After a very lengthy discussion with my Neurosurgeon and his Resident Neurosurgeon we reached an understanding that the benefits still outweighed the risk. I then agreed on the procedure he proposed and I requested that he not admit me for the procedure he’d attempt the following morning. I asked that I be able to return to the hospital in the morning for the operation so that I had an opportunity to get my affairs in order. On the drive back to my parent’s house I received a phone call from him. I’ll spare you the details and just tell you that the phone call was to ask my consent to try something somewhat experimental, and definitely more of a gamble. I heard the confidence in his plan and after discussing it all in great detail I agreed to give my consent. The following morning we again discussed the game plan and I gave my written consent.
Because of the new issue that we were battling the final surgery last summer consisted of three teams: my neurosurgery team, a general surgery team and a team of cardiologist.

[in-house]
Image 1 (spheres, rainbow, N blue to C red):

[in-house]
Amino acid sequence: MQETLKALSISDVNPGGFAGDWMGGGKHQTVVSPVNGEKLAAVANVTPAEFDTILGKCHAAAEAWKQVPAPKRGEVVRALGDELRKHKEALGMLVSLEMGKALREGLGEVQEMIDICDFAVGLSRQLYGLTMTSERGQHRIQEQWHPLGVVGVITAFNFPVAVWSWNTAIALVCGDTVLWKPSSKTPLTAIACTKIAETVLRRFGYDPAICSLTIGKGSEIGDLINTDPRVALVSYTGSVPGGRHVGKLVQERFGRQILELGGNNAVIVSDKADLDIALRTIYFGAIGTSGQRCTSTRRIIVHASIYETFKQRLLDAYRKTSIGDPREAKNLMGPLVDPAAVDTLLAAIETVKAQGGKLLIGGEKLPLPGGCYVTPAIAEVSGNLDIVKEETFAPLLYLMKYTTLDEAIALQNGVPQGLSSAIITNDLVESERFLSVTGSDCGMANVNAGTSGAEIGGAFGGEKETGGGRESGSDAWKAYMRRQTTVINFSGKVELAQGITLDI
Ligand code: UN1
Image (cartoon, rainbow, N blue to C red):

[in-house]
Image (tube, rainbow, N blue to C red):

My latest battle has been with the cranial nerve damage as a result from the last brain surgery. More specifically sixth & seventh cranial nerve dysfunction/damage. The sixth cranial nerve issue has led me to be diagnosed with Esotropia. I refer to this as double-vision. The seventh cranial nerve issue is known as Facial Nerve Palsy. Both conditions are a bit complex so to simplify things I will explain it based on what I experience. For years I lived with multiple "invisible illnesses" but these new issues are obvious. I wear an eye patch to assist me in being independent with normal day to day activities. When I cover one eye I am able to see the way I normally would have. However, without the patch I see two of everything which makes things a littttttle complicated. It's hard to explain so I will add a video that will give you a visual.
Unfortunately, life doesn't come with a guidebook for living with chronic illness, so you'll just have to trust that I'm doing my best. I've been navigating through my twenties, one beautiful disaster at a time. My journey to recovery is not for the faint-hearted. While I actively practice staying in the light, there are definitely dark moments. There are often times where the light at the end of the tunnel seems so dim that I'm afraid I will lose sight of it. Without faith and prayer, I'm not sure I would sustain these ailments.